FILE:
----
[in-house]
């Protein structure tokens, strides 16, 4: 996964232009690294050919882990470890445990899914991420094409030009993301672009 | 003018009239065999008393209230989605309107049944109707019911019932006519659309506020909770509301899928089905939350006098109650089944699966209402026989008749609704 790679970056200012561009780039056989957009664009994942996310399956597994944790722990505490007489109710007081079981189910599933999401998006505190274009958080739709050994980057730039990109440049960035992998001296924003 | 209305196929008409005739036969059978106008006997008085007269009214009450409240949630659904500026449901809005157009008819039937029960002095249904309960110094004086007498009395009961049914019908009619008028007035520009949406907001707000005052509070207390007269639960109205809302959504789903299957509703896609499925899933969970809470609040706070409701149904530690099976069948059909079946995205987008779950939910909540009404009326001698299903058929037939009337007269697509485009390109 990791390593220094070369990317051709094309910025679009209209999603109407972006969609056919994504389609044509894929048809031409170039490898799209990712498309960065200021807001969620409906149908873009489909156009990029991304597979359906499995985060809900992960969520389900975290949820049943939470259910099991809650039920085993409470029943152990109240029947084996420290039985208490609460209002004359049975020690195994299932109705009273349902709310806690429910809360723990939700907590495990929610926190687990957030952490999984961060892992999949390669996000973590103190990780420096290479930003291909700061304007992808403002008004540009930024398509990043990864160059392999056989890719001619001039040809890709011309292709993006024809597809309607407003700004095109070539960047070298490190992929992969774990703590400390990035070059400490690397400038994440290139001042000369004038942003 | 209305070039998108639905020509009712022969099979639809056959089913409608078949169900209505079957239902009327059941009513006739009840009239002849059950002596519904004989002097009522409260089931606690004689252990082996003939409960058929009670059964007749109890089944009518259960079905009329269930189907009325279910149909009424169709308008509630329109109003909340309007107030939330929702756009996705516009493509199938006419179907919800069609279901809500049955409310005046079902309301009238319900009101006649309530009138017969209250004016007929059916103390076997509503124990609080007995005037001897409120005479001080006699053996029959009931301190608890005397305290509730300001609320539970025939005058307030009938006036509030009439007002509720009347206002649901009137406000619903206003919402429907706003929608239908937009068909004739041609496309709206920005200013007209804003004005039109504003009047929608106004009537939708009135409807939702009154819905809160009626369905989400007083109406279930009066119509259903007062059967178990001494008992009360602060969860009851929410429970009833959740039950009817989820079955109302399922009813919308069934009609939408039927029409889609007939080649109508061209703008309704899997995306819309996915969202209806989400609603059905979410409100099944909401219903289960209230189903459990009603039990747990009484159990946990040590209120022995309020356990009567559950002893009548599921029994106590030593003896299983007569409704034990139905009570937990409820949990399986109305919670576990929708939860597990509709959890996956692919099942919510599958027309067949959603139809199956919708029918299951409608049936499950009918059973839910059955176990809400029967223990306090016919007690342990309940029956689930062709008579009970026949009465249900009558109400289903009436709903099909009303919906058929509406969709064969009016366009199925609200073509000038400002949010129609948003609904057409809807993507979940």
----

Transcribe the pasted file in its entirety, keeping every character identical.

[in-house]
């Protein structure tokens, strides 16, 4: 996964232009690294050919882990470890445990899914991420094409030009993301672009 | 003018009239065999008393209230989605309107049944109707019911019932006519659309506020909770509301899928089905939350006098109650089944699966209402026989008749609704 790679970056200012561009780039056989957009664009994942996310399956597994944790722990505490007489109710007081079981189910599933999401998006505190274009958080739709050994980057730039990109440049960035992998001296924003 | 209305196929008409005739036969059978106008006997008085007269009214009450409240949630659904500026449901809005157009008819039937029960002095249904309960110094004086007498009395009961049914019908009619008028007035520009949406907001707000005052509070207390007269639960109205809302959504789903299957509703896609499925899933969970809470609040706070409701149904530690099976069948059909079946995205987008779950939910909540009404009326001698299903058929037939009337007269697509485009390109 990791390593220094070369990317051709094309910025679009209209999603109407972006969609056919994504389609044509894929048809031409170039490898799209990712498309960065200021807001969620409906149908873009489909156009990029991304597979359906499995985060809900992960969520389900975290949820049943939470259910099991809650039920085993409470029943152990109240029947084996420290039985208490609460209002004359049975020690195994299932109705009273349902709310806690429910809360723990939700907590495990929610926190687990957030952490999984961060892992999949390669996000973590103190990780420096290479930003291909700061304007992808403002008004540009930024398509990043990864160059392999056989890719001619001039040809890709011309292709993006024809597809309607407003700004095109070539960047070298490190992929992969774990703590400390990035070059400490690397400038994440290139001042000369004038942003 | 209305070039998108639905020509009712022969099979639809056959089913409608078949169900209505079957239902009327059941009513006739009840009239002849059950002596519904004989002097009522409260089931606690004689252990082996003939409960058929009670059964007749109890089944009518259960079905009329269930189907009325279910149909009424169709308008509630329109109003909340309007107030939330929702756009996705516009493509199938006419179907919800069609279901809500049955409310005046079902309301009238319900009101006649309530009138017969209250004016007929059916103390076997509503124990609080007995005037001897409120005479001080006699053996029959009931301190608890005397305290509730300001609320539970025939005058307030009938006036509030009439007002509720009347206002649901009137406000619903206003919402429907706003929608239908937009068909004739041609496309709206920005200013007209804003004005039109504003009047929608106004009537939708009135409807939702009154819905809160009626369905989400007083109406279930009066119509259903007062059967178990001494008992009360602060969860009851929410429970009833959740039950009817989820079955109302399922009813919308069934009609939408039927029409889609007939080649109508061209703008309704899997995306819309996915969202209806989400609603059905979410409100099944909401219903289960209230189903459990009603039990747990009484159990946990040590209120022995309020356990009567559950002893009548599921029994106590030593003896299983007569409704034990139905009570937990409820949990399986109305919670576990929708939860597990509709959890996956692919099942919510599958027309067949959603139809199956919708029918299951409608049936499950009918059973839910059955176990809400029967223990306090016919007690342990309940029956689930062709008579009970026949009465249900009558109400289903009436709903099909009303919906058929509406969709064969009016366009199925609200073509000038400002949010129609948003609904057409809807993507979940």